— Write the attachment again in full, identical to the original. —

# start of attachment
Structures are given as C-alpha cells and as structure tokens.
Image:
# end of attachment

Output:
Structures are given as C-alpha cells and as structure tokens.
Image: